Our moulder’s deadlines bore no resemblance to the deadlines we stipulated when we engaged him to do the work. Guaranteed delivery dates given were never achieved. It is one thing to be late on a long term project with no specific completion date, but it is entirely different when money has been paid for exhibition space at a motor show that is taking place on a specific date. To make a long story short, we were 50/50 whether we should attend. We had paid thousands to attend, and we had no completed demo to show.
After a set of nose and tail sections came back from the moulder, we started building the prototype car for the show. The major components of the car were already together, the rear floor pan bolted to the semi space frame middle section, as was the front HQ sub frame.
We exhibited a vehicle with no doors, and the paint barely dry. We did get sales from the show and created an embarrassing amount of interest as there was always a large crowd surrounding the car, but there was also a large amount of scepticism of our ability to actually get a vehicle on the road.
After the show, the prototype was quickly finished. It was decided to build a car that aligned with our marketing strategy of a low cost build. We decided to install a second hand Ford small block with auto, and utilise as much of the rest of the components from the donor 6 cylinder HQ sedan as possible.
As anyone who has built a car from scratch, or built up a kit car knows, it is the detail work that takes the time. The build was fairly straight forward, and after the car was mobile, a hood was fitted. We were now able to start finishing our first customer’s kit. During the build of this car, it was decided that the sills, doors and windscreen surround would be better made in fibreglass to cut down the workload. It was decided that the second car would be the buck for making the moulds for these components.
It was decided that another alternative car manufacturer would take over the fibreglass mould making and moulding production as the quality of the first two sets wasn’t of the quality we were expecting, and there was talk already of a price rise for the mouldings. Tron Cars on the North Shore in Auckland who were responsible for a high quality Lamborghini Countach replica and an RX7 based car called the Mountach took on the task of making the new moulds and producing sets of mouldings from then on.
Two more vehicles were sold during this period, and a run of 6 chassis was commenced.
During 1989 the two vehicles were delivered, both as rolling chassis, and the next chassis run planned as the rest of the run was committed for the Company Directors. We wanted to start building our own cars to test and improve the assembly manual as there were differences between the prototype car and the cars from the production run.
Governments Can Always Be Relied Upon To Stuff Things Up
In late 1989, the Government changed the rules concerning vehicle importation. Essentially anyone could go to Japan and buy a car for a few thousand dollars that was worth probably 25-30k in NZ. A lot of people saw the opportunity and made a lot of money. We saw the writing on the wall, at least in the short term. Alternative cars would be consigned to enthusiasts only, which was too small a market in New Zealand for a newly established company such as ours with no other sources of income.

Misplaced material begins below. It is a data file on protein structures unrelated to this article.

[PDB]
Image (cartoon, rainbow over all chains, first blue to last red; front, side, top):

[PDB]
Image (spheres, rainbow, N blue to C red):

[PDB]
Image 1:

The Government also changed the rules regarding alternative cars (specials). Rumours quickly circulated that it was going to cost 10s of thousands of dollars to enable a special to ever become road legal. The old path of using an existing vehicle’s identification was going to be scrapped, and a new VIN (vehicle identification number) process was going to be instigated. The special vehicle was now going to have to conform to all the requirements of a new vehicle.
This would be impossible for most small volume manufacturers to achieve. In the end, these rumours were proven incorrect and the process today is relatively simple. Unfortunately, all manufacturers were affected, and sales of all kit cars plummeted.
The Directors decided to close down the operation in 1990, sell the prototype and see if the economy picked up after the 1987 share market collapse, (how history repeats itself), and what impact the Japanese imports would have on the market.
It was decided that the Directors would take their chassis away, and complete the cars themselves before the new regulations took affect from January 1991.
The Australian Connection
An order was received from Australia, and it was decided to move away from the rear floor pan from the donor vehicle, and instead continue the central space frame to pick up the mounting points for the rear axle, fuel tank and body etc.
The windscreen used was an HT laminated item to enable the kit to pass Australia’s ADR rules. The completed kit was sent to Launceston in Tasmania in November 1991.
Current Vehicle Statuses
As at September 2020, the status of the completed kits is as follows;
- No.1 - Prototype Currently being used as a Targa New Zealand competition vehicle
- No.2 - Road registered
- No.3 - Was road registered but taken off the road by the second owner for conversion from P76 V8 to Jaguar V12 running gear. Cheetah Cars Director negotiated sale to a third owner who had been looking for a Cheetah for some time. He had wanted one ever since welding up the original run of 6 chassis. He has installed a Nissan 3.0 straight six engine in the vehicle and we believe it is close to being road registered again.
- No.4 - owner purchase a Rover 3.5 and had it overhauled, and made little progress on the kit. Two of the Directors of Cheetah Cars purchased the kit as a rolling chassis, and completed it.
- No.5 - Director’s car, Road registered
- No.6 - Director’s car, Road registered
- No.7 - Director’s car, sold, engine/gearbox transplant in progress
- No.8 - Chassis destroyed, body kit only. Recently sold.
- No.9 - Exported vehicle road registered, may be on mainland Australia.
As can be seen, there are a high number of kits that have made it to road legal stage, mainly because of the ease of build, and the high percentage of components used from the donor vehicle.
Over the years there have been no body alterations, apart from optional bumpers and over riders and badge bar, nor have there been any major design changes apart from the one chassis made for Australia. The chassis design of the Australian vehicle was a one off design to overcome ADR issues and wouldn’t be adopted for a production run. The original design concept has been able to remain virtually the same from the first vehicle to the last.